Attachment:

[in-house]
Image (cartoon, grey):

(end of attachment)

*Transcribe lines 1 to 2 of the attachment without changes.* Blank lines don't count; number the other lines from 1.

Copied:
[in-house]
Image (cartoon, grey):